AdvanSix (NYSE: ASIX) recently was spun off from Honeywell (NYSE: HON) on October 3rd. For the first couple weeks of trading on the open market and it has already seen selling pressure, probably from institutional investors. A classic spin-off story, when the parent company (NYSE:HON) that has a market cap of $88 billion, and spins off a small cap business ((NYSE:ASIX)) worth below $1 billion; some institutional investors will have to sell because of the size of the company with no logic of how well the business is operating. Take a look at the first trading days graph.
Some shares were trading before the actual date its suppose to be completed to try and establish a price before all shares are available for trading and that's why you see some action before Oct. 3rd.
A few months ago I wrote about the spin-off from Honeywell, which you can find here. It will give you a better breakdown of their revenue segments, but basically Advansix produces caprolactam which is used to make Nylon6. Nylon6 is a polymer resin used to produce engineered plastics, fibers, filaments and films. Other by-products will also be created during the chemical processes of creating caprolactam.
Over the past week of trading the company has been trading between $420 to $500 million market cap. 2016 revenue for the first six months was $600 million with net income of $42 million. Estimated full year revenue is $1.26 billion and income of $70 to $80 million. This would provide a PE around 6 to 7x earnings. That would appear extremely cheap to competitors and the overall market. But, there is only one issue; the company is a capital intensive business and cash flows haven't been good. Over the past two years capex has been near $100 million and management believes it will be the same next year. Maintenance is the biggest section of capex, but it's crazy to see how much Advansix has to spend on environmental mandated investments. In 2015 they spent $22 million to comply, and these costs don't appear to be going away.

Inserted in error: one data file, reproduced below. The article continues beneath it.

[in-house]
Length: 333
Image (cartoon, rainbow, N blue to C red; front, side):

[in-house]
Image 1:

Source: SEC File Investor Presentation
With high capital requirement, free cash flows have been terrible the past year. For 2015 FCFs were $6 million, which was adjusted for working capital timing differences, without this it would have been $4 million. 2016 numbers are looking better, but it still isn't attractive on a valuation basis. The company does generate a lot of cash, and net income looks attractive, but the real issue is the company has to keep the majority of the cash to keep the operation going; instead of being able to distribute a solid dividend and have a buyback program.
Nylon 6 is forecasted to see tremendous growth until 2020 because of the use for the textile and electronic industries. This could add a nice tailwind for Advansix but competition is growing and production capacity across the world will grow along with increased demand. It's becoming a very fragmented industry and China is at the heart of it.
I originally purchased some shares of the company due to the selling pressure right after the spin-off. I have subsequently sold the position for a nice little profit and would have kept the shares if it wasn't for the concerns stated above. Capex has been extremely high over the past few years and it doesn't seem it will mitigate anytime soon. China is a concern for the overall market and pricing stability of Nylon 6. Net income is a facade to the financial returns investors would expect from the company.
To read more research on stock spin-offs, fund holdings, micro to large cap companies, and special situations please consider following me (by clicking the "Follow" button at the top of this article next to my name) to receive notification when I publish research next.
Disclosure: I/we have no positions in any stocks mentioned, and no plans to initiate any positions within the next 72 hours.
I wrote this article myself, and it expresses my own opinions. I am not receiving compensation for it (other than from Seeking Alpha). I have no business relationship with any company whose stock is mentioned in this article.
Additional disclosure: This article is intended to provide information to interested parties. As I have no knowledge of individual investor circumstances, goals and/or portfolio concentration or diversification, readers are expected to complete their own due diligence before purchasing any stocks mentioned or recommended.